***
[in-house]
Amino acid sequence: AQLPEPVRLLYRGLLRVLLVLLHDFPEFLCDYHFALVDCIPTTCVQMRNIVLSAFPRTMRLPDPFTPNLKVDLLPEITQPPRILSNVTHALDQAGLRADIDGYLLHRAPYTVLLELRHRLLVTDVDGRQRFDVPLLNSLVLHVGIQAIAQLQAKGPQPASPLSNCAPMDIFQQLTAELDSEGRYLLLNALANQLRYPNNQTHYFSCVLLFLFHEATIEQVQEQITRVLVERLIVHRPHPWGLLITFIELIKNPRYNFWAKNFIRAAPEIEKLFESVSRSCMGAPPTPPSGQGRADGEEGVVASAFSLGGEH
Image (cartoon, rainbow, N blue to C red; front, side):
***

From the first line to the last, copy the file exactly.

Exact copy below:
[in-house]
Amino acid sequence: AQLPEPVRLLYRGLLRVLLVLLHDFPEFLCDYHFALVDCIPTTCVQMRNIVLSAFPRTMRLPDPFTPNLKVDLLPEITQPPRILSNVTHALDQAGLRADIDGYLLHRAPYTVLLELRHRLLVTDVDGRQRFDVPLLNSLVLHVGIQAIAQLQAKGPQPASPLSNCAPMDIFQQLTAELDSEGRYLLLNALANQLRYPNNQTHYFSCVLLFLFHEATIEQVQEQITRVLVERLIVHRPHPWGLLITFIELIKNPRYNFWAKNFIRAAPEIEKLFESVSRSCMGAPPTPPSGQGRADGEEGVVASAFSLGGEH
Image (cartoon, rainbow, N blue to C red; front, side):